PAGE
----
Ever wondered how you can get to your files from any Athena computer? How lockers work? How you can share files with your friends? In today’s issue of Ask SIPB, we’ll cover these questions and more.
What is AFS?
AFS, formerly known as the Andrew File System (a Carnegie Mellon University development, named after Andrew Carnegie and Andrew Mellon), is a networked, distributed file system with several convenient features. It’s available for most platforms used today, including Windows, Mac OS X, Linux, and Solaris. AFS allows you to access your files from anywhere in the world, on any computer with AFS installed, using a globally-unique AFS path — somewhat like a URL on the Web. It also lets you easily allow other people to have limited or full access to your files.
How can I use it?
You already use AFS when you use any Athena workstation, including the WinAthena and MacAthena computers. Your home directory and all lockers are stored in AFS, which is how you can use the same files and software from all computers. You can also install AFS on your own computer. Many people use this to access their Athena home directory or run locker software on their own computer, to simplify transferring files and avoid installing software. The basic procedure is installing MIT Kerberos and then OpenAFS (both available as free downloads from the Web). Complete setup instructions are on our Web site at http://www.mit.edu/~asksipb/.
How can I see who has access to my files?
The ability to easily give other users access to your files is one of the major advantages of AFS. There are two commands you’ll need to use to modify the Access Control Lists (ACLs) on your files: “fs la” (filesystem list ACL) and “fs sa” (filesystem set ACL).
For example, I can run the commands:
athena% attach asksipb
athena% fs la /mit/asksipb
Access list for /mit/asksipb is
This means that anyone on the “asksipb” and “gsipb” moira lists have read/write access to the asksipb locker, and “system:anyuser” — a special name that refers to anyone with AFS installed — can read from the locker. (Another special name is “system:authuser”, which refers to people logged in to MIT’s AFS servers.)
How can I give other people access?
You would use the command “fs sa <location> <user> <access>”, for example:
athena% cd /mit/asksipb
athena% fs sa . geofft rl
athena% fs la
You can use a username to give them access, or “system:” followed by a moira list to give the entire list access. Note that this requires the list to be an (AFS) group: you can check this by running “blanche <listname> -i”, and enable this by running “blanche <listname> -G”.
There are seven types of access: Read, List files, Insert, Delete, Write, locK, and Admin. Although these can be set separately, in most cases “rl”, “rlidwk”, and “rlidwka” are the only useful combinations. These have the aliases “read”, “write”, and “all”. (Note that Admin access is required to change the ACL.)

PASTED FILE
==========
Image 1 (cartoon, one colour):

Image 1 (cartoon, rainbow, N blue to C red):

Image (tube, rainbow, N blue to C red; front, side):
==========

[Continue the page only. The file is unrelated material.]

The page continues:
How can I give someone outside MIT access?
If you want everyone outside MIT to be able to access your files, you just need to give system:anyuser access. They can then get to your files from the web by adding the full AFS path to web.mit.edu, or if it’s within a locker, by just giving the locker name after web.mit.edu. (For example, Ask SIPB is available from http://web.mit.edu/afs/sipb.mit.edu/project/asksipb/www/, as well as http://web.mit.edu/asksipb/www/). Of course, they can also just install OpenAFS.
If you want to restrict to certain people outside MIT, such as with a password, this is a little more difficult — AFS itself can’t give access to someone without an AFS account. You can make read access work with SIPB’s web servers, although this will not work for write access. Full instructions are available from http://stuff.mit.edu/faq/password.html.
One way to accomplish something similar to write access is to use scripts.mit.edu to install MediaWiki or Gallery2, and configure the settings of your new Web site to allow certain logged-in users to upload files.
How do I tell how much of my quota I’ve used?
The command “fs lq” (short for “fs listquota”) will tell you how much of the quota in the current volume is used. If you want to see how much of your own AFS volume (your home directory and subfolders) has been used, run “fs lq ~” — the tilde is a special symbol in Unix that refers to your home directory.
If you’re running low on quota, you can contact User Accounts (email@example.com, or visit the nice folks in N42) and ask for an increase. By default, your quota is 1 GB, but it can easily be increased to 2 GB, and with good cause up to 3 GB. They are also willing to create lockers for academic purposes for ASA-recognized student groups, and for installing software, so that you don’t have to keep files in your personal locker.
Where can I get more information about AFS?
The OLC stock answers (from web.mit.edu/answers, or via “olc answers” at an Athena prompt) has a section on AFS. SIPB also has the document “Inessential AFS” available from our Web site at web.mit.edu/afs/sipb.mit.edu/project/doc/afs/html/afs-new.html, as well as from our office.
To ask us a question about anything related to computing at MIT, send email to firstname.lastname@example.org. You can also stop by our office in W20-557 or call us at x3-7788 if you need help. Copies of each column and pointers to additional information are posted on our Web site: http://www.mit.edu/~asksipb/